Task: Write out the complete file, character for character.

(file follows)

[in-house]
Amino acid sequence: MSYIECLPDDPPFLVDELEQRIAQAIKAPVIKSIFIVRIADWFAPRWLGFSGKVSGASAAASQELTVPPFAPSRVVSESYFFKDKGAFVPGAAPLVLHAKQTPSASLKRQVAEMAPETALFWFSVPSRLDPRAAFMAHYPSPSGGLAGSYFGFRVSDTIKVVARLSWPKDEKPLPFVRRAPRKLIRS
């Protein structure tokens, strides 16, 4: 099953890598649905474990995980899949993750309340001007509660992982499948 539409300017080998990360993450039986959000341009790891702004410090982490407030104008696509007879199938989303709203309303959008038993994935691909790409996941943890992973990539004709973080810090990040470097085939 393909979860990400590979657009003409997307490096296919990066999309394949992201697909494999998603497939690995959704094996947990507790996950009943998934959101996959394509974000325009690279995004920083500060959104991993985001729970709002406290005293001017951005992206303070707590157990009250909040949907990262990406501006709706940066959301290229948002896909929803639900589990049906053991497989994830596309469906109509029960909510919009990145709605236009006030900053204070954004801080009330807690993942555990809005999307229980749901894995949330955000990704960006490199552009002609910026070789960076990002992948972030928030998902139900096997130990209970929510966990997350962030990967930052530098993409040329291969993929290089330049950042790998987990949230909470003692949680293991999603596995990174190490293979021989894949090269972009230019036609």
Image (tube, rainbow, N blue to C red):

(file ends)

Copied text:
[in-house]
Amino acid sequence: MSYIECLPDDPPFLVDELEQRIAQAIKAPVIKSIFIVRIADWFAPRWLGFSGKVSGASAAASQELTVPPFAPSRVVSESYFFKDKGAFVPGAAPLVLHAKQTPSASLKRQVAEMAPETALFWFSVPSRLDPRAAFMAHYPSPSGGLAGSYFGFRVSDTIKVVARLSWPKDEKPLPFVRRAPRKLIRS
């Protein structure tokens, strides 16, 4: 099953890598649905474990995980899949993750309340001007509660992982499948 539409300017080998990360993450039986959000341009790891702004410090982490407030104008696509007879199938989303709203309303959008038993994935691909790409996941943890992973990539004709973080810090990040470097085939 393909979860990400590979657009003409997307490096296919990066999309394949992201697909494999998603497939690995959704094996947990507790996950009943998934959101996959394509974000325009690279995004920083500060959104991993985001729970709002406290005293001017951005992206303070707590157990009250909040949907990262990406501006709706940066959301290229948002896909929803639900589990049906053991497989994830596309469906109509029960909510919009990145709605236009006030900053204070954004801080009330807690993942555990809005999307229980749901894995949330955000990704960006490199552009002609910026070789960076990002992948972030928030998902139900096997130990209970929510966990997350962030990967930052530098993409040329291969993929290089330049950042790998987990949230909470003692949680293991999603596995990174190490293979021989894949090269972009230019036609």
Image (tube, rainbow, N blue to C red):